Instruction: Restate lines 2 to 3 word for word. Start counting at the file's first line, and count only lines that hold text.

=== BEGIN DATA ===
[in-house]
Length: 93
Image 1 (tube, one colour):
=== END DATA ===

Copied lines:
Length: 93
Image 1 (tube, one colour):